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PLoS One. 2016 Apr 6;11(4):e0152828. doi: 10.1371/journal.pone.0152828. eCollection 2016.

Paucity of HPV-Related Head and Neck Cancers (HNC) in Nigeria.

Author information

1
Department of Epidemiology and Public Health, University of Maryland School of Medicine, Baltimore, Maryland, United States of America.
2
Office of Research, Training and Strategic Information, Institute of Human Virology Nigeria, Abuja, FCT, Nigeria.
3
Marlene and Stewart Greenebaum Cancer Centre, University of Maryland School of Medicine, Baltimore, Maryland, United States of America.
4
Department of Ear Nose and Throat, Head & Neck Surgery, University of Ilorin Teaching Hospital, Ilorin, Kwara State, Nigeria.
5
University of Benin Teaching Hospital, Benin, Edo State, Nigeria.
6
University of Calabar Teaching Hospital, Calabar, Cross River State, Nigeria.
7
University of Abuja Teaching Hospital, Abuja, FCT, Nigeria.
8
Department of Nutrition, Harvard T. H. Chan School of Public Health, Boston, Massachusetts, United States of America.
9
National Human Genome Research Institute, National Institutes of Health, Bethesda, Maryland, United States of America.

Abstract

INTRODUCTION:

The burden of HPV-related Head and Neck Cancers (HNC) has been rising in the U.S. and other developed countries but this trend has not been reported in Africa. Objective of study was to evaluate the prevalence of HPV infection in HNC cancer cases seen between 1990 and 2011 at the tertiary health care institutions in Nigeria.

METHODS:

We retrieved 149 head and neck cancer formalin fixed, paraffin embedded tumor specimens diagnosed between 1990 and 2011 from four teaching hospitals in Nigeria. One hundred and twenty-three blocks (83%) contained appropriate HNC for analysis while DNA extraction was successful in 60% (90/149). PCR amplification was successful in 33% (49/149) and Linear Array genotyping for HPV was successful in 11% (17/149) of these cases. These were in tumors from the larynx (6), cervical lymph nodes (3), nasal cavity (2), parotid (1), palate (1), maxillary sinus (1) and mandible (1). Two cases were non-specific and none were from the oropharynx. Histologically, 41% (7/17) of the successfully genotyped blocks were squamous cell carcinomas (larynx 6, maxillary sinus 1).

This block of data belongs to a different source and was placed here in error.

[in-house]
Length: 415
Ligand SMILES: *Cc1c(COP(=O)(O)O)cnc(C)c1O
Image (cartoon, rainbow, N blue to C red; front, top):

RESULTS AND CONCLUSION:

We were unable to detect HPV in any of the HNC samples in our study. Our result may suggest that there is a low prevalence of HPV-related HNC among the adult population in Nigeria. Our results provide a benchmark to compare future incidence of HPV -related HNC in this community in future. We had significant analytical challenges from possible poor tissue processing and urge that future studies should prospectively collect samples and ensure high quality sample processing.

PMID:
27050815
PMCID:
PMC4822856
DOI:
10.1371/journal.pone.0152828
[Indexed for MEDLINE]
Free PMC Article

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